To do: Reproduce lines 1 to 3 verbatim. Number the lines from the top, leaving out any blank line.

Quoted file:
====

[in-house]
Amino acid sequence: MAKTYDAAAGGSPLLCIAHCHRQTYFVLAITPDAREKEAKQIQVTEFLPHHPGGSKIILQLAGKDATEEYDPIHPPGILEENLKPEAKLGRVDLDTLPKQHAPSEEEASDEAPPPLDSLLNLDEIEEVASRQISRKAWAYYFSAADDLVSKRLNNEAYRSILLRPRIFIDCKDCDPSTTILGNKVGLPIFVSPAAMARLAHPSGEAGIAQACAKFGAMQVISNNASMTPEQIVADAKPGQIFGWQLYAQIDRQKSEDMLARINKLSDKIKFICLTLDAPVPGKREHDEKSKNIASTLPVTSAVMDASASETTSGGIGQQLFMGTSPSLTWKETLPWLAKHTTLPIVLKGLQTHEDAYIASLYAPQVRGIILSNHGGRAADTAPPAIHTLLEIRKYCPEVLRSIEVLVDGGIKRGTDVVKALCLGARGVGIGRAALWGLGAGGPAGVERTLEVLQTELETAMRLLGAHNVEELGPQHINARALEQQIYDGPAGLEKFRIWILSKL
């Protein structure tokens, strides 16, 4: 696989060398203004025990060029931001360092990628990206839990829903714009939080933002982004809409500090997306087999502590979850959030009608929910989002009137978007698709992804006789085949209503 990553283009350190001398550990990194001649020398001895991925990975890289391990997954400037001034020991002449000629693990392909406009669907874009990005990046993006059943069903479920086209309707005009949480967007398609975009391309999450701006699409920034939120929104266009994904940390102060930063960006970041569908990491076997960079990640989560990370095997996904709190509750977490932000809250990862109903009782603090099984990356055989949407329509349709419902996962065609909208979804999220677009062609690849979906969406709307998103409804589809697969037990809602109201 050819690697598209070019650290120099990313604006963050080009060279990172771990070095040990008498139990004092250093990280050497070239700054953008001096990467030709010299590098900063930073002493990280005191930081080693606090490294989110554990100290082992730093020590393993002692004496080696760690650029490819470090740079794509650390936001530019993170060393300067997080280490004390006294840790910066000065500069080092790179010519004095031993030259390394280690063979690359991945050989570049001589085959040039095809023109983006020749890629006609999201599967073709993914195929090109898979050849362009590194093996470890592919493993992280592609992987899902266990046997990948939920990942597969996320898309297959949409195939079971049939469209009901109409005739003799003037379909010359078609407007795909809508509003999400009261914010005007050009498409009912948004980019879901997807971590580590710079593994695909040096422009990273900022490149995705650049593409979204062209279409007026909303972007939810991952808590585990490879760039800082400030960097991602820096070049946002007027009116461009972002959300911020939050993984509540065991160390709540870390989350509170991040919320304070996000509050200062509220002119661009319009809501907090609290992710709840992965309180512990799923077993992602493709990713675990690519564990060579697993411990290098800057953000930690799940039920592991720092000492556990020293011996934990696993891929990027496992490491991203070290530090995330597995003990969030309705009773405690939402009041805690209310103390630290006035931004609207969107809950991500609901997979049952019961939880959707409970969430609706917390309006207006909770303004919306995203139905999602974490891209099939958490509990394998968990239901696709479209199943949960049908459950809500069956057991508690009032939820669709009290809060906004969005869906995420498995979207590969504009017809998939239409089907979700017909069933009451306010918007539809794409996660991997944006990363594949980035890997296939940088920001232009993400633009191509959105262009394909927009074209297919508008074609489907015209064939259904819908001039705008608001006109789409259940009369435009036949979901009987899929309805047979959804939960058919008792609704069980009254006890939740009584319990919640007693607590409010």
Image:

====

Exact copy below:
[in-house]
Amino acid sequence: MAKTYDAAAGGSPLLCIAHCHRQTYFVLAITPDAREKEAKQIQVTEFLPHHPGGSKIILQLAGKDATEEYDPIHPPGILEENLKPEAKLGRVDLDTLPKQHAPSEEEASDEAPPPLDSLLNLDEIEEVASRQISRKAWAYYFSAADDLVSKRLNNEAYRSILLRPRIFIDCKDCDPSTTILGNKVGLPIFVSPAAMARLAHPSGEAGIAQACAKFGAMQVISNNASMTPEQIVADAKPGQIFGWQLYAQIDRQKSEDMLARINKLSDKIKFICLTLDAPVPGKREHDEKSKNIASTLPVTSAVMDASASETTSGGIGQQLFMGTSPSLTWKETLPWLAKHTTLPIVLKGLQTHEDAYIASLYAPQVRGIILSNHGGRAADTAPPAIHTLLEIRKYCPEVLRSIEVLVDGGIKRGTDVVKALCLGARGVGIGRAALWGLGAGGPAGVERTLEVLQTELETAMRLLGAHNVEELGPQHINARALEQQIYDGPAGLEKFRIWILSKL
């Protein structure tokens, strides 16, 4: 696989060398203004025990060029931001360092990628990206839990829903714009939080933002982004809409500090997306087999502590979850959030009608929910989002009137978007698709992804006789085949209503 990553283009350190001398550990990194001649020398001895991925990975890289391990997954400037001034020991002449000629693990392909406009669907874009990005990046993006059943069903479920086209309707005009949480967007398609975009391309999450701006699409920034939120929104266009994904940390102060930063960006970041569908990491076997960079990640989560990370095997996904709190509750977490932000809250990862109903009782603090099984990356055989949407329509349709419902996962065609909208979804999220677009062609690849979906969406709307998103409804589809697969037990809602109201 050819690697598209070019650290120099990313604006963050080009060279990172771990070095040990008498139990004092250093990280050497070239700054953008001096990467030709010299590098900063930073002493990280005191930081080693606090490294989110554990100290082992730093020590393993002692004496080696760690650029490819470090740079794509650390936001530019993170060393300067997080280490004390006294840790910066000065500069080092790179010519004095031993030259390394280690063979690359991945050989570049001589085959040039095809023109983006020749890629006609999201599967073709993914195929090109898979050849362009590194093996470890592919493993992280592609992987899902266990046997990948939920990942597969996320898309297959949409195939079971049939469209009901109409005739003799003037379909010359078609407007795909809508509003999400009261914010005007050009498409009912948004980019879901997807971590580590710079593994695909040096422009990273900022490149995705650049593409979204062209279409007026909303972007939810991952808590585990490879760039800082400030960097991602820096070049946002007027009116461009972002959300911020939050993984509540065991160390709540870390989350509170991040919320304070996000509050200062509220002119661009319009809501907090609290992710709840992965309180512990799923077993992602493709990713675990690519564990060579697993411990290098800057953000930690799940039920592991720092000492556990020293011996934990696993891929990027496992490491991203070290530090995330597995003990969030309705009773405690939402009041805690209310103390630290006035931004609207969107809950991500609901997979049952019961939880959707409970969430609706917390309006207006909770303004919306995203139905999602974490891209099939958490509990394998968990239901696709479209199943949960049908459950809500069956057991508690009032939820669709009290809060906004969005869906995420498995979207590969504009017809998939239409089907979700017909069933009451306010918007539809794409996660991997944006990363594949980035890997296939940088920001232009993400633009191509959105262009394909927009074209297919508008074609489907015209064939259904819908001039705008608001006109789409259940009369435009036949979901009987899929309805047979959804939960058919008792609704069980009254006890939740009584319990919640007693607590409010």